Tuesday, October 28, 2014

Freedom from Judgement (Especially from Yourself)

The last few days, I've been thinking a lot about freedom and judgement.

First, I watched The Most Powerful Video on Spirituality and Happiness - Rare Eckhart Tolle Teaching - Must See .  In it, Tolle reassures his interviewer that, as a human he will always think bad thoughts so he doesn't need to feel guilty about that.  Simply observe the thought without judging yourself.  Like any other thought, by the time you have noticed, it is already gone.  Since hearing that, some of the most colorful epitaphs have jumped into my brain.  Words I haven't heard or used since high school.  Juvenile, ridiculous words that paint pictures I can now laugh at instead of scolding myself.  I'm free to be a human without judging myself for not being a saint.

Second, I asked one of my clients what she liked to do for fun.  She mentioned a video game and I asked what the game was like.  There was a long moment of silence which was followed by her saying very quietly, "Well, there's a lot of shooting."

I knew she thought I would say "No, no!  You should stay away from violence!"  For one thing, she expects to be judged.  She judges herself constantly.  She expects someone who is her "life coach" to judge her and tell her everything she is doing wrong.  She, in turn, will make note of what I said, still do it, but try to do it less and every time she does do it, she will judge herself and use it as an excuse for why her life isn't turning out how she would like it to be.

I just don't deserve it because I still play violent video games.  

I just don't deserve it because I call people "d^ck wads" to myself in traffic.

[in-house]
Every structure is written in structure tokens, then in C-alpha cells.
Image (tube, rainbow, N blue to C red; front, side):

Instead of telling her to quit playing her violent video game, I told her I watch The Walking Dead. 

Speaking of which, that show had a tremendously violent scene this week.  Humans, not walkers, were beaten to death.  Afterwards, on The Talking Dead, a small panel discussed whether that was indicative of a less kind, less gentle Rick Grimes (the show's main character,) in the future.

Honestly, it reminded me of a technique I saw Iyanla Vanzant use on the discontinued tv show, Starting Over.  The show was a sort of Celebrity Rehab (sans the celebrities) meets The Real World or Big Brother.  Women, who weren't happy with the direction their lives were going, lived in a house together and enjoyed the help of life coaches and psychologists in exchange for allowing the sessions to be filmed.  In one session, Vanzant instructed a former abuse victim to hit things with a pillow.  By things, I mean the floor and other pillows.  It was interesting.  She started hitting very softly, almost reluctantly.  By the time she was finished, however, she was sobbing and seemed to have exhausted herself, as well as whatever energy she had trapped inside of herself as suppressed anger.  At least that's how the edited version for television looked.

In The Walking Dead, the characters killed were cannibals who kept justifying their behavior like this:  "We were good in the beginning.  We helped people.  But then some people came along and treated us badly."

Hmmm.  So you ate them?

Meanwhile, Rick Grimes group, has had lots of bad treatment themselves, including having one of their members lose his leg to a group of cannibals.  Yet time and time again the group struggles with how they need to behave to be good and "in the right." They put their fictional lives in danger saving other fictional characters.  Rather than making me feel angry or negative or violent, The Walking Dead usually inspires me to like my fellow humans just a little bit more.  After all, we don't get to see real people be magnanimous, brave or caring in such extreme circumstances and while those characters aren't real, the actors portraying them, as well as the writers writing their scripts, are.